Washington Mutual: The bank just big enough to fail

People walk past Washington Mutual Inc.'s headquarters September 16, 2008 in Seattle. The savings and loan bank had its credit rating reduced to junk status by Standard and Poor's.

As we look back five years, ahead of the five-year anniversary of Lehman Brothers' historic bankruptcy filing, it's easy to forget that the financial crisis was about much more than the devastation of Wall Street. Kirsten Grind has written a book about what she calls "the Main Street failure" of the financial crisis in 2008. Her book is called "The Lost Bank: The story of Washington Mutual and the Biggest Bank Failure in American History."

Washington Mutual was a bank headquartered in Seattle, Wash. After a good old-fashioned run on deposits on Sept. 25, 2008, the bank went bust. But "no depositor of WaMu was wiped out" says Grind. The FDIC stepped in and sold the bank to JPMorgan Chase. Anyone with a WaMu ATM card would have found no disruption in their accounts -- they lost not a single penny.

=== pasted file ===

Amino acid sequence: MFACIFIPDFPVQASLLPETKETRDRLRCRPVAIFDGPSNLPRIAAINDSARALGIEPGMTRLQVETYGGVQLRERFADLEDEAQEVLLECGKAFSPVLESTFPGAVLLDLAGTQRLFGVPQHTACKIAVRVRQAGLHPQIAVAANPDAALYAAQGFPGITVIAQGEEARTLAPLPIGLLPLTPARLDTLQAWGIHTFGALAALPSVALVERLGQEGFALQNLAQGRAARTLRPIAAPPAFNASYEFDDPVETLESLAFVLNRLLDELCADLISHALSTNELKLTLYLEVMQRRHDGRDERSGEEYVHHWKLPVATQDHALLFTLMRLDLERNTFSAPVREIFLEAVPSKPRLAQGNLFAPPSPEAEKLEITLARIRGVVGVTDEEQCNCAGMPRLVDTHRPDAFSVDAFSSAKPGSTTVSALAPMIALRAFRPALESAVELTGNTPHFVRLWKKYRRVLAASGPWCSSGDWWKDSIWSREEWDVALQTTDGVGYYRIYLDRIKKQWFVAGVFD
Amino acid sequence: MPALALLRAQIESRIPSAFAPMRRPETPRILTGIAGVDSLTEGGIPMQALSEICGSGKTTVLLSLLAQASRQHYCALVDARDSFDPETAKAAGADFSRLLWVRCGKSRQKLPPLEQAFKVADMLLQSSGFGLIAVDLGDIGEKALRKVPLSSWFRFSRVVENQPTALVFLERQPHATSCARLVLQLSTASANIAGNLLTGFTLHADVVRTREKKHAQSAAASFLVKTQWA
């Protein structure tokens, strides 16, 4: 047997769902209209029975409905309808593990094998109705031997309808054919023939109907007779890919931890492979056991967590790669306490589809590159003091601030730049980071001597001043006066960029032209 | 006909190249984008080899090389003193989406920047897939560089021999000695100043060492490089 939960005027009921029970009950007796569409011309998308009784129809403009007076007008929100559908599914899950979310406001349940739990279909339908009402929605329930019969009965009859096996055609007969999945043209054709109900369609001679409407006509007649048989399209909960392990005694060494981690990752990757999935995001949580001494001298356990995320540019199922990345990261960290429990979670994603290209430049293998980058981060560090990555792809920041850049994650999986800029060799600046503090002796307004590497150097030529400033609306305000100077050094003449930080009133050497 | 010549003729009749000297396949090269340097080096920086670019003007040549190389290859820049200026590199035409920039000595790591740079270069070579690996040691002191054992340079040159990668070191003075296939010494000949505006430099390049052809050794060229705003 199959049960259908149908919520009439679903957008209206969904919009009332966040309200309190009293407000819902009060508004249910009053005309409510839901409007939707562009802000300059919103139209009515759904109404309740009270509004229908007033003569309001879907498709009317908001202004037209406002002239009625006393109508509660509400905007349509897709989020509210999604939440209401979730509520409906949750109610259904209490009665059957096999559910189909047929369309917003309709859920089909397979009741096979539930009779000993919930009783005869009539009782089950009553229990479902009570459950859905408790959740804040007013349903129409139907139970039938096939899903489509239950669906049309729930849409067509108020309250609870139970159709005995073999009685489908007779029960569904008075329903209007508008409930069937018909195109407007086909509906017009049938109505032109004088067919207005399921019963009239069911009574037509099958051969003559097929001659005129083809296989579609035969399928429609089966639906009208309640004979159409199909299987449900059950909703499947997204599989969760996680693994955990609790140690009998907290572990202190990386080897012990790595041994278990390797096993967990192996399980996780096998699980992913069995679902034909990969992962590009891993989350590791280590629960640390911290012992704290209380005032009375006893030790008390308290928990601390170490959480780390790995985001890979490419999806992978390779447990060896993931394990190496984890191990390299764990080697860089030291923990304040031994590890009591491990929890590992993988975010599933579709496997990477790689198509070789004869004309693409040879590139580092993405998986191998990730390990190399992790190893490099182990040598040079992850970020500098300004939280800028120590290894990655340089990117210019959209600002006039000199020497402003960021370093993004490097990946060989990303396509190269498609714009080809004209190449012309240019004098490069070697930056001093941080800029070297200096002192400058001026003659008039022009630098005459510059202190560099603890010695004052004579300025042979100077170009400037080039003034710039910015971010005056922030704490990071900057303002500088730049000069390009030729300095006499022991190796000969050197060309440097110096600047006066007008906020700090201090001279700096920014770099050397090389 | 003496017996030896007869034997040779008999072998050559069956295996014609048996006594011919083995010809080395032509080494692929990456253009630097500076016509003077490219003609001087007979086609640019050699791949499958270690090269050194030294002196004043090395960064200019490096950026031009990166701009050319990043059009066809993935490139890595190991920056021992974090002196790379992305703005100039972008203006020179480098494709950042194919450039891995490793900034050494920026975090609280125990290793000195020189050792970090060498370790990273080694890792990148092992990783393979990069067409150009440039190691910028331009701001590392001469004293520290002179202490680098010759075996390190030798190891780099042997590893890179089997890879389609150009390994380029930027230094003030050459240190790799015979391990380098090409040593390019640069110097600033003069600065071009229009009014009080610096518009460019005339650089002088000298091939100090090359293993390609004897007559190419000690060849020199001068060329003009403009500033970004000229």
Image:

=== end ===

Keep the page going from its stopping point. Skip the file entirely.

Source: FDIC


Grind says she was surprised that WaMu didn't get much attention at the time, nor has it been mentioned much since 2008. By late September of that year, Lehman Brothers had already gone bankrupt while Fannie Mae and Freddie Mac had been taken over by the U.S. Treasury -- it was easy to miss a bank collapse that seemed to hurt no one.

The only folks still suffering since WaMu's collapse are perhaps the company's leadership, says Grind. The government's TARP program was announced only six days after WaMu went bust -- six days too late to save the bank.

Lehman's Legacy: A Timeline Follow the key events before and after the Lehman Brothers collapse, and see how the financial crisis unfolded. Follow the timeline

About the author

Kai Ryssdal is the host and senior editor of Marketplace, public radio’s program on business and the economy.

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